He also wrote a secular work on leadership, “Leading People from the Middle: The Universal Mission of Heart and Mind,” which Robinson says discusses “being deeply engaged with the people who you were responsible for leading.”

Aaron McMurray, chief strategy officer with Spokane-based Innovia Foundation, was a student leader at Whitworth when Robinson was interviewing to be president.

McMurray, a sophomore at the time, sat on one of the several panels Robinson faced before his hiring.

“Fast forward five months later, when I returned to campus for the beginning of my junior year. I bumped into (Robinson), and he remembered my name,” says McMurray. “That’s the kind of leader he was—so intentional about the way that he invested in people and cared about the organizations he served in.”

McMurray says Robinson’s impact went beyond the college he led.

Robinson “is one of those university presidents who was intentional about getting off of campus, getting out into the community, bridging the gap between town and gown, and really involving himself in a number of ways to bring his excellent leadership skills to the larger Spokane community,” he says.

For the 17 years he was with the university, he was also on the board of the Spokane Regional Chamber of Commerce, which later became Greater Spokane Incorporated.

Robinson says one priority of the board at the time was engaging with the Spokane region, including all of Spokane County and maintaining a closer relationship with the Coeur d’Alene Chamber of Commerce.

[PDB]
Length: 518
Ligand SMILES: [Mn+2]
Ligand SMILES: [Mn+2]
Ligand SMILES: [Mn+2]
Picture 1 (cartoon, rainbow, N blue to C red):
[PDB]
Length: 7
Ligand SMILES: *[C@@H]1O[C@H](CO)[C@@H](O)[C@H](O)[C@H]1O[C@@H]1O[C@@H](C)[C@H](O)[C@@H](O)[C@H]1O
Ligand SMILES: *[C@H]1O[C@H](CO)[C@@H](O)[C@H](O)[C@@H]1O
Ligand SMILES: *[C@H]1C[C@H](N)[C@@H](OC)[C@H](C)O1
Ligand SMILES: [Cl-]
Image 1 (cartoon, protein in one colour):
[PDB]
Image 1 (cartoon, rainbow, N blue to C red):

“We wanted to support and represent the region,” he says.

That effort, led by the late Rich Hadley, helped lay the foundation for GSI, which was formed when the Spokane chamber merged with the Spokane Area Economic Development Council.

In addition to the regional chamber, Robinson has been appointed to the boards of several organizations. Most recently, he’s served with The Stewardship Foundation, of Tacoma, Washington; and Princeton Theological Seminary, of Princeton, New Jersey, he says.

Since stepping down from Whitworth’s presidency in 2010, Robinson has continued to engage in the community through different avenues.

He has worked with a variety of companies and organizations, including Moss Adams LLP, Kiemle Hagood, and Hoopfest, he says. Most recently, he’s been working again with Whitworth and its current president, Scott McQuilkin.

Each contract involves different responsibilities, he says. For example, Moss Adams called for Robinson to sit in and observe the accounting firm’s executive committee meetings, while other contracts might involve public speaking, or related work.

Robinson says his family strongly impacted his leadership.

When Robinson and his wife moved to Spokane, their children were 9, 12, and 15 years old, he says. Now, the kids are grown, and the Robinsons have seven grandchildren.

Bonnie Robinson “is an insightful adviser, so what I did would have looked different had Bonnie not been my partner,” he says. Their children brought perspective to his work and are his highest priority, he says.

“The joy of my family made me, probably, a more sympathetic leader, and hopefully a more generous one,” he says.

Samantha Peone
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Reporter Samantha Peone joined the Journal in 2015 as research coordinator before later transitioning into a reporter role. She covers real estate and construction.